One of my errands would lead me to the mall to buy tickets for the train from Jo’burg to Cape Town. The 26-hour ride is famous for its spectacular views of different landscapes across South Africa, so I wanted to take it after visiting my yet unknown internet friend. The hostel’s driver dropped me off at the mall where I found out that I had to go to the central station for the tickets. I asked around and got different directions. I walked up and down, crossed the street back and forth, understanding less and less with every answer. Finally I took a minibus taxi in front of the mall, and I thought I had asked for the right one, but there seemed to be several with the same number going in different directions or with different numbers going in the same direction—anyhow, I got into one of them that seemed right.
It was. Or not really. Squeezed in between passengers on the rear bench seat, I tried to get a glimpse of the neighborhoods we passed. Where exactly were we going? How would I know when to get off? After a while, I started to recognize something—but not just anything: these were streets I had seen out of a locked car. I looked left and right, I turned back to the rear window. No doubt. This was the city center. I peered around: my guide had been right—not a single white person outside the bus—nor inside. I was right downtown. Despite the general heat, the woman and the man sitting to the left and right of me must have felt how I started sweating. I thumbed through my map, trying to find street names as best as I could in a minibus crammed with people.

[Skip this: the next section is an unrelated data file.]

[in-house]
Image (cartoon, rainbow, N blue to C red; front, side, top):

I don’t remember if anyone talked on the bus, but I assume they did. I didn’t hear anything. A sticky cloud surrounded my head, pressing into my ears.
The voice of the man at my right cut through the droning silence: Where do you need to go?
He had short hair and friendly eyes. When we left the bus at the terminus, I saw that he carried a bag with books. It was the right bus, he said and promised to show me the way as I still couldn’t see the station. We stood in front of a street market—a bustling place that I would have loved to stroll along, but something told me it wasn’t safe. My guide led me through, quickly since he had to go to work and our detour wasn’t exactly on his way, and he walked me into the station, where he wouldn’t leave me before we had found the right ticket office, learned that I couldn’t pay with my credit card, searched for a cash machine, withdrawn money (I withdrew it, he waited at a certain distance, making sure nobody would come close to me), gone back to the ticket office, and purchased a wonderful, blue-and-white sleeper ticket for the next week. Then my new friend—we had talked all the time, about literature and other things I don’t recall –walked me up to a giant parking deck on the roof where I called the hostel and he said goodbye when we saw their pick-up van arriving.
I had lasted for more than one hour.
You may take care, but at the end of the day, you must—and you actually can—trust people.